The classic million-copy bestselling handbook on reading aloud to. .

It has also been a staple in schools of education for new teachers

A New York Times and million copy bestseller, the classic handbook on reading aloud to children-revised and updated.

The classic million-copy bestselling handbook on reading aloud to children—revised and updated Recommended by "Dear Abby" upon its first publication in 1982, millions of parents and educators have turned to Jim Trelease’s beloved classic for more than three decades to help countless children become avid readers through awakening their imaginations and improving their language skills. It has also been a staple in schools of education for new teachers. This updated edition of The Read-Aloud Handbook discusses the benefits, the rewards, and the importance of reading aloud to children of a new generation. Supported by delightful anecdotes as well as the latest research (including the good and bad news on digital learning), The Read-Aloud Handbook offers proven techniques and strategies for helping children discover the pleasures of reading and setting them on the road to becoming lifelong readers.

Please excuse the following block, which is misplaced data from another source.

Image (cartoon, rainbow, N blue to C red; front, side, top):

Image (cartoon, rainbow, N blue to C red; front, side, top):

Comments (7)

You already believe in reading aloud and feel comfortable enough doing it... so do you really need a Read Aloud Handbook? You probably don't NEED it, but I think you'll be grateful to have this book. As both a parent of young children and as a teacher of low-income middle school students (on a break to stay at home while my kids are young), I'm getting so much from it.